Posted by on June 9, 2017 3:44 pm
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Categories: Business China Corporate finance Dutch Financial Revolution Economic history of the Netherlands Economy Finance Financial markets Insider Trading Margin Market Crash Market Manipulation money Reality Reuters Share repurchase Shenzhen Shenzhen Fenda Technology Short stock stock market Yuan

Just when we thought there were no surprises left in the world’s foremost incubator of “financial engineering” that is China, we got a stark lesson in never underestimating China’s market manipulating ingenuity.

According to Caixin, around two dozen Chinese companies recently offered their employees a deal: buy company shares while guaranteeing that any losses would be covered.

While employees think they may be getting an unbeatable deal – who can say no when your employer promises you all the upside and no downside – the reality is that any participants in such scheme are merely locking in their fates with that of their soon to be insolvent employer, who desperately needs to raise the price of their stock to fend off collateral calls on stock-backed loans usually made by founders and other major sharehholders.

As Reuters points out, attracted by guarantees that their principal is “safe”, workers have eagerly stepped up to take advantage of the “offer” even as it remains far from clear how these guarantees would work, with employees in some cases being asked to buy shares and hold them for at least 12 months. Details aside, many of the companies that resorted to this drastic stock price manipulation were quickly rewarded and saw their share prices spike.

The entire farcical episode is reminiscent of what happened in 2015 when China’s stock bubble grew exponentially, then burst just as dramatically. At the time, there were similar efforts, but then it was the government appealing to major shareholders’ patriotism to buy and hold shares in what Beijing said was as a battle against speculators, both domestic and foreign. This time, with the proposal centered entirely on the private sector, the motive is different and is the result of companies using their own stocks as loan collateral, a practice that according to Reuters’ estimates has quadrupled in China over the past two years, and which is driven mostly by founders and major shareholders posting large batches of stock as loan collateral in recent months.

Fundamentally a ponzi scheme, this works without a glitch during rising markets but falling prices especially among small and mid-cap companies, have eroded the value of that collateral, raising the specter of forced liquidation – where lenders, often Chinese brokerages, make borrowers sell the pledged shares. Selling the stock adds more pressures on share prices, triggering a downward spiral.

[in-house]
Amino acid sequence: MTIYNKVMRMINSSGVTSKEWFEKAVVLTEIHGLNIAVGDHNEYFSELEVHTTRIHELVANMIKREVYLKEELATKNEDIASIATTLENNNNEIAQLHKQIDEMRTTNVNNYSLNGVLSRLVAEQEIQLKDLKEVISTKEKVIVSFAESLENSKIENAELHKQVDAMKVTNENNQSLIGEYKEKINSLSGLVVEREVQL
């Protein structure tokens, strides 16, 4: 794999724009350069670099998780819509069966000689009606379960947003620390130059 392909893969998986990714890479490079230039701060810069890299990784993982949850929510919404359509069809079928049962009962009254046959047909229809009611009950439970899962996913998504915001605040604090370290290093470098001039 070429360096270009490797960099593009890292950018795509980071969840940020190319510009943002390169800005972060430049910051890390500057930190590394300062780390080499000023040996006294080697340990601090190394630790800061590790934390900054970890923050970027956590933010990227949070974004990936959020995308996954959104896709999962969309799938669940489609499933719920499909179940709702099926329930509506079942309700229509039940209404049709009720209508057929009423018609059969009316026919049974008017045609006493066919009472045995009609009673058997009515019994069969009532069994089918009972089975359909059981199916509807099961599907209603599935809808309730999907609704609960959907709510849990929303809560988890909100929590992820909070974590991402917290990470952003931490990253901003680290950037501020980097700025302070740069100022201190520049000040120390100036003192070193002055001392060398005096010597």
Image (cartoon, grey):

Shenzhen Fenda Technology, a maker of speakers and electronic accessories, was among the first to encourage staff to buy shares one week ago. At the end of March, Xiao Fen, the company’s chairman and top shareholder with a 44.5% stake, or 416.4 million shares, had put up 84% of his holding as collateral for a loan, the company said. It did not say what the loan was for. Trading in the company’s shares was suspended in late December pending a reorganization, but resumed in mid-April, when the stock price slumped to near their 2015 market crash low.  Last Friday, Xiao promised any employee who bought shares in the company by June 6 and held them for at least a year would be shielded from losses.

What he did not say is that any employee who took advantage of the “generous offer” was effectively providing a bailout lifeline to the chairman. This probably should have been explained to the workers who participated in the offer simply because they saw their co-workers jump right in. “A lot of colleagues I know have bought shares. I have too,” said one worker, who gave only his family name, Li. “The company is quite good and the chairman has guaranteed principal, so, of course, we’re interested. I know some colleagues even bought shares with borrowed money.

Shenzhen Fenda Technology shares jumped by a tenth after the announcement, but have since edged back down.

Also last Friday, Shenzhen-listed Hunan Kaimeite Gases launched such on offer with a four-day deal. Other companies offered similar deals but for different lengths of time. Kaimeite justified the ludicrous proposal by saying its stock was – what else – “undervalued”: “The company is undervalued due to recent volatile trading of the market,” according to Kaimeite Gases’ announcement, filed with the Shenzhen Stock Exchange on Friday. “The buyback plan is to boost investors’ confidence, and it’s based on our bullish view on company’s outlook.”